Parkinson's disease (PD) is a well-studied neurodegenerative disorder that affects between 7 and 10 million people worldwide. Despite PD being a recurrent topic in the medical literature for over 200 years, its mechanisms are largely unclear, and existing treatments are aimed at improving the patient's symptoms.
Among PD's most common symptoms are motor problems, including as tremors, slowness, and muscular rigidity. These, combined with many non-motor symptoms, cause many PD patients to develop facial abnormalities, such as face skin problems and difficulties making facial expressions. Such problems are not to be taken lightly, as one's face plays a crucial role not only in self-esteem, but also when interacting with others. Unfortunately, facial changes in PD patients are difficult to track and quantify with conventional techniques.
But what if artificial intelligence (AI) could provide the tools we needed all along? In a recent study published in Brain Supplement, a team of scientists from Okayama University, Japan, tested whether modern facial detection and analysis algorithms could be useful in the context of PD.
Led by Dr. Koh Tadokoro of the Department of Neurology, the team recruited 193 people, half of which were PD patients at different stages of the disease and the other half were healthy control subjects. The subjects were taken to a consulting room in the University's clinic, and the researchers took a single photograph of their face without giving any special instructions.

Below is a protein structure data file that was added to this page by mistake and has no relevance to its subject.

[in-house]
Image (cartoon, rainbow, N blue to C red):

Once the pictures were taken, the team used commercially available AI software to detect the subjects' faces and analyze some of their attributes; namely apparent age, expressed emotion, and facial skin condition. Through statistical analyses, they explored whether AI-based algorithms could find significant differences in these attributes between the control group and the PD group.
Interestingly, the age gap, which is the apparent age estimated by the software minus the real age of the subject, was a factor that differed between both groups. On average, the age gap for PD patients was higher than for healthy subjects, revealing that the former tended to look slightly older than their actual age in the eyes of the AI. In addition, the facial expression of PD patients was more likely to be classified as "expressionless" compared with healthy subjects, who were significantly more likely to carry an expression classified as "happiness." On the other hand, in terms of skin condition, the researchers found no noticeable differences between both groups.
Overall, the strategy adopted in the study and the results gathered could pave the way for incorporating AI-based software into future research on the symptoms of PD. The approach the team used is relatively simple and cost-effective, as Dr. Tadokoro explains: "Whereas most previous studies evaluated the facial changes caused by PD during movement or tasks, we found evidence of specific facial changes based solely on a single photograph using modern AI ."
Additionally, the team also noted some limitations of facial analysis software, such as performing worse in some regards for people with darker skin or being less accurate when estimating the age of Asians. Such problems can and should be addressed before the software is put to use in clinical research.
In short, it is possible that AI-based tools bear untapped potential for the rapid, quantitative analysis of patients with PD. Excited about the results, Dr. Tadokoro remarks: "We hope our study accelerates the use of AI technology for the diagnosis and treatment of patients with Parkinson's and other neurodegenerative diseases. " Let us hope future researchers take note of the power of AI in the context of neurological disorders to push the field forward towards a deeper understanding.